Those of ordinary skill in the art, having the benefit of this disclosure, will appreciate that many possible bearer services and wireless communication methods may be used for transmitting a data message from a client device 22 to the service center 24. In one embodiment, the communications are transmitted through an over the air protocol such as AMPS, CDMA, GSM or TDMA by one of the bearer services described above. The transmission from the client device 22 to the service center 24 may also be made by other wireless communications such as satellite communications. In satellite communications, a message containing data is transmitted to an earth orbiting satellite, through a satellite base station and wireless gateway, and to the service center 24.

As shown in FIG. 1, in one embodiment, the data message is sent via communication A, C, or E though a bearer service over either a base station antenna 26 for a digital wireless network 28 or a base station 30 for an analog wireless network 32 (depending on the selected bearer service). The message is then transferred to the service center 24 according to known systems such other cellular infrastructure, the Internet, and/or a public switched telephone network (PSTN).

As shown in FIG. 1, in one embodiment, the service center 24 may respond to the message by sending a response or acknowledgement message via communications B, D, or F to the client device 22. This informs the client device 22 that the message was received by the service center 24. Depending on the type of message being sent, the service center 24 may further establish a voice communication link with the vehicle 23 to reassure the user that the message was received or to provide other information related to the requested service.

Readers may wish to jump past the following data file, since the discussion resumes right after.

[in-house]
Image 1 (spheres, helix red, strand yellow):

Messages from the service center 24 to the client device 22 may be sent over a cellular wireless communication through the digital wireless network 28 and associated base station antenna 26 or through the analog wireless network 32 and associated base station antenna 30. Again, those of ordinary skill in the art, having the benefit of this disclosure, will appreciate that many possible protocols may be used for communications from the service center 24 to the client device 22. In one embodiment, the communication is transmitted through an over the air protocol such as CDMA, GSM, TDMA, or AMPS. The transmission from the service center 24 to the client device 22 may also be made by other wireless communications such as satellite communications.

In response to receiving the data message from the client device 22, the service center 24 may further act in a number of ways depending on the type of data contained in the message. For example, if the data contained in the message indicates that the user has an emergency (such as an airbag deployment), the service center 24 may contact an emergency service 34 with the location of the vehicle 23. The emergency service 34 may then send the police, fire brigade, or medical support as needed to the location. If the data contained in the message indicates that the user is in need of vehicle service (such as a flat tire), the service center 24 may contact a vehicle service 36 with the location of the vehicle 23. The vehicle service 36 may then send a tow truck or automobile mechanic as needed to the location. If the data contained in the message indicates that the user is simply in need of information (such as navigation, route-guidance, or traffic services), the service center 24 may contact an information service 38 to obtain information related to the request. The service center 24 could then use the obtained information to process the requested service.